Cops say Coronavirus researcher killed over dispute about “intimate partner”

A medical researcher on the “verge of making very significant” coronavirus findings was found shot to death over the weekend in Pennsylvania in an apparent Murder-suicide..

Bing Liu, 37, was a researcher at University of Pittsburgh School of Medicine


Per the NYPost the married coronavirus researcher killed in a suspected murder-suicide in Pennsylvania was gunned down over “a lengthy dispute” about an “intimate partner,” police revealed Wednesday.

A probe into the deaths of University of Pittsburgh scientist Bing Liu, 37, and Hao Gu, 46, found the pair was squabbling about a mystery companion who Ross Township police would not identify.

“We found zero evidence that this tragic event has anything to do with employment at the University of Pittsburgh, any work being conducted at the University of Pittsburgh and the current heath crisis affecting the United States and the world,” the statement read.

Investigators forwarded their review of the case to federal authorities since the “individuals involved” are not US citizens, police said.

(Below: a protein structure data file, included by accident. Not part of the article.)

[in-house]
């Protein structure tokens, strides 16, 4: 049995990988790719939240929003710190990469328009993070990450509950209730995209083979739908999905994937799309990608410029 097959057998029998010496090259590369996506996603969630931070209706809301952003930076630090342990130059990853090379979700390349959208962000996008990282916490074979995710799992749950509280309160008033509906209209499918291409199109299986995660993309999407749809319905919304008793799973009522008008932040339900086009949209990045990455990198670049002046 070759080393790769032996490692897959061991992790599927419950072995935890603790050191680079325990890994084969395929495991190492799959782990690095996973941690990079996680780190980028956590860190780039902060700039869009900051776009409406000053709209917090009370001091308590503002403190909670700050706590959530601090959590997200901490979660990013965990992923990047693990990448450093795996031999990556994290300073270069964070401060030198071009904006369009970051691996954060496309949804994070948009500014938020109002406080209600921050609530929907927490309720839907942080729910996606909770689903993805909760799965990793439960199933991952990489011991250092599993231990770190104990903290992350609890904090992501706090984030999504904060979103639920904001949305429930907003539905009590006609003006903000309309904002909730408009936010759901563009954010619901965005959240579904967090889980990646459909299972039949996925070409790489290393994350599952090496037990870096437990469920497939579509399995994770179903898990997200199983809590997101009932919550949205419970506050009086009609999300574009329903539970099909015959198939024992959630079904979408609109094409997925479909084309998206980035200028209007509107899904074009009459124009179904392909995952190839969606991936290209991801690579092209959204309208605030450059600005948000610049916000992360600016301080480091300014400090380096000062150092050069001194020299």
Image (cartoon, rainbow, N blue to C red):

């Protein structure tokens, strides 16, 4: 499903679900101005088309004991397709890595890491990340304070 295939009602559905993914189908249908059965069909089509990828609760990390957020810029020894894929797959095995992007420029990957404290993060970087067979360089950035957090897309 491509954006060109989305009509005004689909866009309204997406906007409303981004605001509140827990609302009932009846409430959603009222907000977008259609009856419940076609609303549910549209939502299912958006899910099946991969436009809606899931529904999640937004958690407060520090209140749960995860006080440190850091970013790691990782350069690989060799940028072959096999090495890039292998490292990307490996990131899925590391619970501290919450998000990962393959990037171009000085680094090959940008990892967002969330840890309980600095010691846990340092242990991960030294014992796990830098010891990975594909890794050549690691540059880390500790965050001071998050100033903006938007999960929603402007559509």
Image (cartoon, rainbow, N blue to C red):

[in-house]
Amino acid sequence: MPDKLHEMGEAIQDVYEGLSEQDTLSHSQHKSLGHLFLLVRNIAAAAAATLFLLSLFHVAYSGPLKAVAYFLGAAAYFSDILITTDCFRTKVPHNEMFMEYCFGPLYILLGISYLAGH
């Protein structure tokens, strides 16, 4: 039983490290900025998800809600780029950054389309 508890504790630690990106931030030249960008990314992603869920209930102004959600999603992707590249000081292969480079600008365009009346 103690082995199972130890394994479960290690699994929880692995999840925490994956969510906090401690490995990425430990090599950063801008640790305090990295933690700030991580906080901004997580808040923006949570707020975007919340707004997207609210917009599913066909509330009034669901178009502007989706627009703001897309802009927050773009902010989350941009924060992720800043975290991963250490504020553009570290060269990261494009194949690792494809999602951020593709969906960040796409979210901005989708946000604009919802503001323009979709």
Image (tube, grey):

Detectives have previously said that Liu — a native of China — and Gu knew each other, but evidence showed the shooting had nothing to with the assistant professor’s ongoing COVID-19 research.

CBS Pittsburg reports a researcher killed in an apparent murder-suicide was close to “making very significant findings” related to the coronavirus, his department at the University of Pittsburgh said.

Two shootings that happened over the weekend in Ross Township appear to be a murder-suicide, according to police.

On May 2, police said 37-year-old Dr. Bing Liu was found dead in his home on Elm Court from apparent gunshot wounds to his head, neck and torso. Investigators say they now believe his death is a homicide.

Liu was a research assistant professor at the University of Pittsburgh School of Medicine, his department said on Monday.

“Bing was on the verge of making very significant findings toward understanding the cellular mechanisms that underlie SARS-CoV-2 infection and the cellular basis of the following complications. We will make an effort to complete what he started in an effort to pay homage to his scientific excellence,” the department said on its website.

“His loss will be felt throughout the entire scientific community. Please keep his family, friends, and colleagues in your thoughts. Thank you,” the department added.